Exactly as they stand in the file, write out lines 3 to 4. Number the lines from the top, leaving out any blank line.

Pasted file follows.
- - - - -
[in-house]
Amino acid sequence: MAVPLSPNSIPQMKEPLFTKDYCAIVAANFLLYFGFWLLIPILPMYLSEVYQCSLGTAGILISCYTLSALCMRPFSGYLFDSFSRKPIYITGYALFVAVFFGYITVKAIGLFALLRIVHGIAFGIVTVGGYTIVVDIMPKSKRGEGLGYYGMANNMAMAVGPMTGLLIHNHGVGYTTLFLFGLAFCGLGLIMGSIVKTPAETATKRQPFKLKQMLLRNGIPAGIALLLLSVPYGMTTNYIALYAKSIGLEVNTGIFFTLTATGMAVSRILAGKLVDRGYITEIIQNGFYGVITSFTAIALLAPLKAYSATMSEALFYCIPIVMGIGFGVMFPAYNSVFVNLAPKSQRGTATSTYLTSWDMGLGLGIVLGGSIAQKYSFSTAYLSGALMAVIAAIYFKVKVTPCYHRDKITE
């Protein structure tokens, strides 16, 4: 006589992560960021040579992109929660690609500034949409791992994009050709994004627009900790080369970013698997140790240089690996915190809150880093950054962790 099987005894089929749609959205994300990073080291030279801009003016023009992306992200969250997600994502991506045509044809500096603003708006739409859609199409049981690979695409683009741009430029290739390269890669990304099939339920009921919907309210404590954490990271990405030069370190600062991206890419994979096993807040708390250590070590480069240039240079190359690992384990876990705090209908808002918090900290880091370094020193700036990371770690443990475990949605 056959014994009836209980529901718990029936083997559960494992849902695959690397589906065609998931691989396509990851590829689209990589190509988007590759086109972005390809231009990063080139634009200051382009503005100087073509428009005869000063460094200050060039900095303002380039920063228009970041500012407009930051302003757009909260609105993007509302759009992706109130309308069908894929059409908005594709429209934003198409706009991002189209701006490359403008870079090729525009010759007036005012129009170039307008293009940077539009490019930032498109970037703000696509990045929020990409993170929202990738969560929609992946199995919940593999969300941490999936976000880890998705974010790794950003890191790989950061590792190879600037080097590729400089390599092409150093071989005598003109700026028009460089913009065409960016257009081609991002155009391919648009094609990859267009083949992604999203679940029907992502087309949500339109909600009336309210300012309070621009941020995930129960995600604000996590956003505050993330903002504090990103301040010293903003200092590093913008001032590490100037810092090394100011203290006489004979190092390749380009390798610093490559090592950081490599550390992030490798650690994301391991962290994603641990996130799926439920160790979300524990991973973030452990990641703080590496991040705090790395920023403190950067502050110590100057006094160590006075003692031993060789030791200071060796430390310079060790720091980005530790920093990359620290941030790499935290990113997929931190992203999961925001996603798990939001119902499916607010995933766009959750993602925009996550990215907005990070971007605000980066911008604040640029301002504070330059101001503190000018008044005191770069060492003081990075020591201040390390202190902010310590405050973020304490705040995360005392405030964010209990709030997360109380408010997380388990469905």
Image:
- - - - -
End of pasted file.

């Protein structure tokens, strides 16, 4: 006589992560960021040579992109929660690609500034949409791992994009050709994004627009900790080369970013698997140790240089690996915190809150880093950054962790 099987005894089929749609959205994300990073080291030279801009003016023009992306992200969250997600994502991506045509044809500096603003708006739409859609199409049981690979695409683009741009430029290739390269890669990304099939339920009921919907309210404590954490990271990405030069370190600062991206890419994979096993807040708390250590070590480069240039240079190359690992384990876990705090209908808002918090900290880091370094020193700036990371770690443990475990949605 056959014994009836209980529901718990029936083997559960494992849902695959690397589906065609998931691989396509990851590829689209990589190509988007590759086109972005390809231009990063080139634009200051382009503005100087073509428009005869000063460094200050060039900095303002380039920063228009970041500012407009930051302003757009909260609105993007509302759009992706109130309308069908894929059409908005594709429209934003198409706009991002189209701006490359403008870079090729525009010759007036005012129009170039307008293009940077539009490019930032498109970037703000696509990045929020990409993170929202990738969560929609992946199995919940593999969300941490999936976000880890998705974010790794950003890191790989950061590792190879600037080097590729400089390599092409150093071989005598003109700026028009460089913009065409960016257009081609991002155009391919648009094609990859267009083949992604999203679940029907992502087309949500339109909600009336309210300012309070621009941020995930129960995600604000996590956003505050993330903002504090990103301040010293903003200092590093913008001032590490100037810092090394100011203290006489004979190092390749380009390798610093490559090592950081490599550390992030490798650690994301391991962290994603641990996130799926439920160790979300524990991973973030452990990641703080590496991040705090790395920023403190950067502050110590100057006094160590006075003692031993060789030791200071060796430390310079060790720091980005530790920093990359620290941030790499935290990113997929931190992203999961925001996603798990939001119902499916607010995933766009959750993602925009996550990215907005990070971007605000980066911008604040640029301002504070330059101001503190000018008044005191770069060492003081990075020591201040390390202190902010310590405050973020304490705040995360005392405030964010209990709030997360109380408010997380388990469905």
Image: